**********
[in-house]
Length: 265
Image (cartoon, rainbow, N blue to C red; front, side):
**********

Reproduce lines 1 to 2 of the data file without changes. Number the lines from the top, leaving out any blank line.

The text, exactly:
[in-house]
Length: 265